Utility board members expressed concern during their meeting about the low number of surveys completed so far at 161. Hastings Utilities has about 13,000 customers.

“What I’m fearful of is we’re seeing a lot of what everybody in here has talked about but we want to see,” board member Shawn Hartmann said. “I just want to make sure we don’t have a bunch of people come out at the 11th hour and oppose this because they didn’t participate.”

Hartmann likes what he’s seeing from the survey results and is excited about the proposals.

So far, the survey has been promoted primarily through social media and at the bottom of customer bills in October.

HU Manager Kevin Johnson and utility board member Bill Hitesman spoke about a conference focused on battery storage they attended recently.

“You can put them just about anywhere you have substations or small electrical facilities like close to a hospital or close to a big industry or close to a combination of businesses,” Johnson said of battery storage facilities.

He said he and Hitesman discussed a potential energy storage partnership between HU and CCC with educational opportunities for CCC. Johnson said HU has received interest expressed from an existing partner on collaboration on energy storage.

“We just wanted you all to know these conversations were not blindly looking at solar and keeping other stuff at bay,” Johnson said. “We’re kind of keeping the other stuff at bay but we’re still looking and talking to people and having meetings.”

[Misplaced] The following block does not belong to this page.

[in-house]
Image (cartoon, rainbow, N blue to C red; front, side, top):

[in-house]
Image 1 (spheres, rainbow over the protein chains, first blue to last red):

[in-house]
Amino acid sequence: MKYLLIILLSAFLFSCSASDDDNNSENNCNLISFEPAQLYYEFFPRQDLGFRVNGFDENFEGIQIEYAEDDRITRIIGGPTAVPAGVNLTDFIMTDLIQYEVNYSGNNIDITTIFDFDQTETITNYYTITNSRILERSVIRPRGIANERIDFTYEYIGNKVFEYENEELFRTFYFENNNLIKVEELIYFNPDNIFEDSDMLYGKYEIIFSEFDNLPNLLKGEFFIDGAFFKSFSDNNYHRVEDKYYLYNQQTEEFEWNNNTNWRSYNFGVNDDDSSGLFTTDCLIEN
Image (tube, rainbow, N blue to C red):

Throughout these all of discussions, Johnson said Hastings Utilities is continuing to look at the future.

“We’ve got to start looking at beyond just today and tomorrow,” he said. “We’ve got to look five, 10, 15 years out, 20 years out.”

Also during the meeting, the utility board:

— Voted 3-0 to recommend approval of change order No. 2 to IES Commercial, Inc for Whelan Energy Center No. 1 switchgear replacement electrical equipment installation for a net addition of $222,016.71. Board members Jack Schreiner and Joanne Seberg were absent.

— Unanimously recommended approval a request from SHABRI LLC for $25,000 from Hastings Utilities’ economic development fund to assist Innovative Prosthetics and Orthotics in its move from the Crosier Park Professional Center to the former Village Inn property at 3211 W. 12th St. The move will add eight jobs.

According to the redevelopment plan modification, the entire project is anticipated to cost more than $1.2 million for site acquisition, engineering and architecture, environmental remediation, renovation and construction, equipment and fixtures, inventory and working capital.

Innovative Prosthetics and Orthotics is contributing owner equity and bank financing of $643,025.

— Unanimously recommended approval of Sanitary and Improvement District No. 1 water service agreement to continue the water delivery system once a new pipe infrastructure is installed.